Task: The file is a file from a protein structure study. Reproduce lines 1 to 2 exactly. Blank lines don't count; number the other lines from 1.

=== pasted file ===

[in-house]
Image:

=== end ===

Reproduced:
[in-house]
Image: